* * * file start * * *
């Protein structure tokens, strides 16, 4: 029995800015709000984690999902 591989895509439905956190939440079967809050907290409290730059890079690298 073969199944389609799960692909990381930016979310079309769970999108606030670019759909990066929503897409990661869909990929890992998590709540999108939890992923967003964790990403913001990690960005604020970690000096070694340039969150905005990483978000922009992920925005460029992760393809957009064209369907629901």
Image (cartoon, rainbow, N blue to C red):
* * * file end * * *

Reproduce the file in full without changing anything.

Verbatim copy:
């Protein structure tokens, strides 16, 4: 029995800015709000984690999902 591989895509439905956190939440079967809050907290409290730059890079690298 073969199944389609799960692909990381930016979310079309769970999108606030670019759909990066929503897409990661869909990929890992998590709540999108939890992923967003964790990403913001990690960005604020970690000096070694340039969150905005990483978000922009992920925005460029992760393809957009064209369907629901």
Image (cartoon, rainbow, N blue to C red):